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Articles on: Metal Prices

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Before we head into the weekend, let’s take a look back at the week that was.

Benchmark Your Current Metal Price by Grade, Shape and Alloy: See How it Stacks Up

  • Holidays in India mean an uptick in gold buying — our Sohrab Darabshaw covered India’s holiday gold surge.
  • The fourth round of renegotiation talks focused on the North American Free Trade Agreement (NAFTA) concluded earlier this week. We covered the latest round of talks, which by all accounts have the three negotiating teams at an impasse.
  • As the fallout continues from Kobe Steel’s quality data falsification scandal, our Stuart Burns wrote about what exactly might have gone wrong at Japan’s third-largest steelmaker.
  • The World Steel Association’s Short Range Outlook came out this week, predicting solid, albeit moderated growth for the global steel market.
  • Precious and base metals have been behaving similarly, our Irene Martinez Canorea wrote this week.
  • The U.S. International Trade Commission launched a new Section 337 probe related to automation systems.
  • The value of the U.S. dollar has a significant impact on the fortunes of a number of metals, our Stuart Burns explained.
  • And how about palladium? Burns also touched on the rise of the platinum group metal and its leapfrogging of platinum (for the time being).
  • It’s third-quarter earnings report time. Alcoa and Nucor were among the latest companies to announce their earnings for the latest quarter.

Free Download: The October 2017 MMI Report

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This morning in metals news, Japanese carmakers tested the safety of Kobe Steel products, palladium outshines gold and the global nickel deficit widened in August.

Benchmark Your Current Metal Price by Grade, Shape and Alloy: See How it Stacks Up

Kobe Steel Materials Pass Safety Checks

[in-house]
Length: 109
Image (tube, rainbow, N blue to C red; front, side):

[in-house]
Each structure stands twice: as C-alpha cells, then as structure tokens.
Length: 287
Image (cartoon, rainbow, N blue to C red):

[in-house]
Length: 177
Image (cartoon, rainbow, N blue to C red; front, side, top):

Toyota, Honda and Mazda gave Kobe Steel, Japan’s embattled third-largest steelmaker, a touch of good news Thursday by saying its products are safe, despite the recent data falsification scandal.

According to a report in The New York Times, the products fell short of advertised standards, but met with regulators’ standards (as well as those of the carmakers).

Palladium Continues Charmed Run

The palladium price recently eclipsed that of platinum for the first time since 2001 — and the metal’s rise has people taking notice.

The upward trend for palladium has even caught the eye of the gold industry, according to the Financial Times.

Our Stuart Burns covered palladium’s rise in his post earlier this morning.

Nickel Market Showed 6,700-Ton Deficit in August

The nickel market deficit deficit rose to 6,700 tons in August, according to data released by the International Nickel Study Institute.

Free Download: The October 2017 MMI Report

Global production was 176,800 tons, with demand at 183,500 tons.

The price of several metals has traditionally been looked at paired with that of another metal. For example, gold and silver prices are looked at in isolation and relative to each other, in part because both metals make up a major part of the jewelry trade.

Benchmark Your Current Metal Price by Grade, Shape and Alloy: See How it Stacks Up

So, too, are zinc and lead prices, where the correlation is not from market applications but from the fact lead and zinc are often co-mined from the same resource.

Like precious metals gold and silver, less prominent platinum and palladium can be both mined and used in very similar applications. The Platinum Group Metals, or PGMs, are often magmatic in origin and rare in economic concentrations. The majority of the world’s platinum and palladium comes from South Africa, Zimbabwe and Russia, where early low-cost surface mines have long since given way to deep, expensive and complex operations.